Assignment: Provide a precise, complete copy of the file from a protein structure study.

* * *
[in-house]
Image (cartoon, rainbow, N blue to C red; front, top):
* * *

[in-house]
Image (cartoon, rainbow, N blue to C red; front, top):